Finalists present visions of HK harbourside bliss

PUBLISHED : Friday, 21 September, 2007, 12:00am
UPDATED : Friday, 21 September, 2007, 12:00am


Related topics

Sipping a cup of Chinese tea by the Central waterfront or strolling in a 'Central Park of Hong Kong' in the city's financial hub could become reality if the ideas put forward in a harbour-front design competition are adopted.

They are among the visions of finalists in the competition, organised by Designing Hong Kong, an organisation established to help reach a consensus on sustainable harbour planning among the public, business sector and the government.

The Central Waterfront Design Competition was launched in May as part of the public consultation on the new Central waterfront, with prizes of HK$1 million. It attracted 82 entries from Hong Kong and the mainland, as well as Indonesia, France, Spain, the Netherlands, the United States and Canada.

Three teams from the US and one from Shanghai were selected as finalists while a local design was awarded an honourable mention by 11 jurors yesterday.

One of the finalists, Jack Sidener from Hawaii, impressed the jury with his 'nostalgic' old Hong Kong design entitled 'Sky for Dragon, Earth for People'.

He proposed that most of the site be developed as a low-rise urban district oriented to street life, with high-rise residential and commercial towers as a 'sky dragon'.

'His design is like the waterfront of Sheung Wan and Wan Chai before reclamation,' Leslie Lu, jury vice-chairman and head of architecture at the University of Hong Kong, said.

'People would be able to go to Chinese restaurants and shop around in the area.'

Green concepts were also hailed by the jury.

Another finalist, 'Amphibian Carpet' by Lewis Chui, Selah Au, Hins Cheung and Bart Chui from the US, proposed turning the usually hard edge of the waterfront into a coastal wetland by planting mangroves and other aquatic plants, which apart from providing greenery would act as a natural cushion between land and sea during bad weather.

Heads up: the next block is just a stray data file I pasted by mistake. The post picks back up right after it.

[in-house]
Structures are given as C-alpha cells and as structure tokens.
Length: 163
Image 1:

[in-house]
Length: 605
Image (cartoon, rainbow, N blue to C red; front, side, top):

There would be ground-floor courtyards, rooftop gardens and public spaces for people to go to relax.

'It could become Hong Kong's Central Park, like Central Park in New York and Hyde Park [in London],' Professor Lu said.

Jury chairman Essy Baniassad, a professor from Chinese University's Department of Architecture, said the area would be in sharp contrast to the skyscrapers behind and would give a very strong 'green' message.

Edward Yung, Kipp Edick and Chris Hillyard from the US also had a similar idea in their 'Hong Kong Waterfront' project, featuring subterranean development with extensive parkland cover.

Professor Lu said the scheme successfully connected the harbour with the older part of Hong Kong so more people would be attracted to the waterfront.

Gregory Yager, Chinyao Chen, Sujata Govada and Dick Grove from Shanghai came up with a 'very practical' design entitled 'The Golden Crescent - Envisioning a Grand Promenade Along Hong Kong's Central Waterfront'.

It comprised large gardens and mixed development for business and the community.

Local design 'Coastal Play', which connects Admiralty and Central with a multi-functional waterfront promenade - from architects Jan Lai Kwok-yin, Kenny Koo Gin, Jim Chan Tsin-ching, and Grace Ng Ming-shan - was awarded an honourable mention.

The finalists and the honorable mention entrant will all be awarded HK$60,000.

The jury will announce the winner in November. The winning design will be submitted to the government for consideration.

The models of the four finalists will be exhibited in shopping malls this year, on dates yet to be fixed.

The finalists

Entry 145 'Amphibian Carpet'

Lewis Chui, US

The submission was found to be 'a very strong concept with good overall impact'. Some jury members saw the design as 'Central Park for Hong Kong', and liked the idea of an open, green park on the water's edge. The submission was described as good and clear, and the 'green carpet was seen as a 'provocative idea' that was well integrated with the surrounding buildings

Entry 77 'Hong Kong Waterfront'

Edward Yung, Colombia University, US

The jury called entry 77 'the most successful in working with connectivity'. The use of courtyards was recognised as being both a dynamic design concept as well as a good way to introduce ventilation

Entry 230 'Sky for Dragon, Earth for People'

Jack Sidener, Hawaii, US

The jury found the entry 'a real delight' that offered a 'simple and clear idea and acknowledged the fundamentals of urbanism'. It was described as nostalgic, harking back to old Hong Kong

Entry 247 'The Golden Crescent'

Gregory Yager, Shanghai

This design created a potentially 'wonderful, vibrant and diversified waterfront for Hong Kong' according to the jury. It was described as having a 'nice urban design structure with appropriate scale; a suitable amount of diversity and distribution of open space'.

Entry 120 'Coastal Play - an intervention between city and waterfront'

(Not a finalist but received an honourable mention)

Jan Lai Kwok-yin, Hong Kong

The jury found this design to describe 'a very interesting experience of the waterfront promenade' with 'a nice integration of different spaces with diverse sizes and characters'.